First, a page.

All the ways iOS 9.3 will impact school iPad rollouts

iOS 9.3 will also help schools using shared or hybrid one-to-one implementations better manage their devices and how they’re used. “The biggest problem it solves is the ability to share iPads, which were originally designed as personal devices that stored all the user’s personal preferences and data directly on the device itself,” said Sam Gliksman, the author of “iPad in Education for Dummies.” “That made it difficult to use a different device. The new update stores files and data in the cloud and users can access that information for any device. This allows schools to now share devices between students and classes.”

A classroom using iPads that are stored on a cart, for example, can assign a specific device to each student (e.g., Johnny always gets iPad No. 5). As students pick up their devices and log in, they’ll only see those apps that are available to them. And while all apps remain on the devices, a “show/hide” feature shields some of them from certain users. “If a third grader logs in,” said Hooker, “he or she will only see third grade apps.”

The new iOS release also addresses student privacy issues, according to Dean Hager, the CEO of JAMF Software, which makes MDM software for iPads. Hager said traditional methods of locating lost or stolen devices have created issues for the educational sector. For starters, students could easily turn off their device’s location services, thus disabling the tracking capabilities. With location services on, however, the school could find itself violating a student’s privacy (via 24/7 tracking during non-school hours).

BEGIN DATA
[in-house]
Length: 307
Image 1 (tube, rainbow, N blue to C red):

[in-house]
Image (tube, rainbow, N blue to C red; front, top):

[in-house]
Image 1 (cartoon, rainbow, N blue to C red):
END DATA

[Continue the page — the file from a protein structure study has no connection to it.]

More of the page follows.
“iOS 9.3 now does it right with ‘lost mode,’” Hager said. “If a student does lose a device, he or she can tell the IT department which, in turn, can instantly lock the device and put it in low-power mode.” And here’s the kicker:  if location services is turned off, this move on the IT department’s part turns it back on and allows it to track the device without violating any privacy rules. “I personally think this is a very important feature for education.”

Wish list for the next release

Asked about his “wish list” for future iOS releases, Hooker said he’s like to see the company offer even more device management tools and capabilities for K-12 teachers. “Apple has taken the steps to give teachers oversight over what their students are doing, but it could be doing more,” he said. For example, iTunes U’s usefulness for the deployment of documents and, to a degree, workflow, could be enhanced and combined with Classrooms.

“All of a sudden you’d have a cool, slick way to do wireless workflow,” said Hooker, “with the teacher being able to say, ‘Alright class, here’s the next assignment. I’m going to push it out to you.’ Then she can just hit a button and have the assignment sent out to all of the devices.” Once completed, the assignments could be submitted wirelessly using AirDrop. “I know all the parts and components are there, but [Apple] needs AirDrop, iTunes U, and Classrooms to sync together and form this really modern way of turning in work.”

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